Considering the usefulness of EGFR-tyrosine kinase inhibitors, the importance of confirming the existence of EGFR or K-ras mutations cannot be emphasized enough. EGFR and K-ras mutations are virtually mutually-exclusive and directly related to targets of different subsets of lung adenocarcinomas.8 Therefore, it is important to decide, using relevant findings, which test is the priority for the limited specimens obtained from percutaneous needle biopsy or bronchoscopic biopsy. For example, if histologic findings are more indicative of K-ras mutation, we can potentially prevent an unnecessary test for EGFR mutation.
De Oliveira Duarte Achcar et al.5 analyzed the molecular profile of 15 primary micropapillary adenocarcinomas for K-ras, EGFR, and BRAF mutations after dividing them into three groups by histologic features: nonmucinous hobnail configuration or terminal reserve unit-type micropapillary adenocarcinoma, tumors with predominant columnar or polygonal cell configuration, and tumors of mixed type. In their study, tumors with nonmucinous hobnail pattern and those with columnar or polygonal pattern showed no significant differences in EGFR, K-ras, and BRAF mutation tests, and both K-ras and EGFR mutations could occur in mucin-producing tumors. Therefore, they concluded that there was no clear association between these mutations and morphologic features.
However, Inamura et al.4 reported a significant association between the hobnail cell type and EGFR mutation, in the setting of lung adenocarcinomas categorized into hobnail, columnar, and polygonal cell type. Ninomiya et al.9 also reported that the hobnail cell type and micropapillary morphology predicted a higher incidence of EGFR mutation in lung adenocarcinomas and speculated that distinct micropapillary features reflect a step of tumor progression from a well-differentiated papillary adenocarcinoma of the hobnail cell type to a less differentiated state.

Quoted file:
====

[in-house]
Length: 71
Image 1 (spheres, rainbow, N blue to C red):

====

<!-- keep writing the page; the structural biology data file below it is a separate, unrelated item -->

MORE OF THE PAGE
When cytological features, rather than growth pattern, are a priority for consideration, micropapillary adenocarcinoma with mucinous features should be regarded as mucinous adenocarcinoma. This might also correspond with the results of other studies that suggest K-ras mutation is related to mucinous BAC of the lung.2
Considering our case, which demonstrated a hobnail or lepidic growth pattern with mucinous differentiation in combination with K-ras mutation, further study is needed to clarify the relationship between the presence of mucinous features of micropapillary predominant adenocarcinoma and K-ras mutation.

Notes

No potential conflict of interest relevant to this article was reported.

References

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Fig. 1
Clinicohistological features of micropapillary mucinous adenocarcinoma. (A) On chest computed tomography, almost the entire left lower lobe of the lung has diffuse ground glass opacity with patchy consolidation, which is often present in invasive mucinous adenocarcinomas. (B) The tumor occupies almost the entire left lower lobe with a diffusely consolidated appearance, similar to lobar pneumonia. (C) At the low power view, the tumor consists of predominant micropapillary tufts floating within air spaces lined by tumor cells. (D) Tumor cells of the micropapillary tufts have abundant clear or amphophilic cytoplasm with a distinct cell border, with irregular hyperchromatic nuclei. The cytoplasm of a few tumor cells shows positivity on periodic acid Schiff stain (inset). (E) The lining cells of septa are same with those of micropapillary tuft and show hobnail appearance. (F) The nuclei of the tumor cells are large and hyperchromatic, with a distinct crumpled nuclear membrane and frequent macronucleoli.